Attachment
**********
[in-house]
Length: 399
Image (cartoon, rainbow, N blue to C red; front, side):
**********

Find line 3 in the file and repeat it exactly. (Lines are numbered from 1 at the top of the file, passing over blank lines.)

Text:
Image (cartoon, rainbow, N blue to C red; front, side):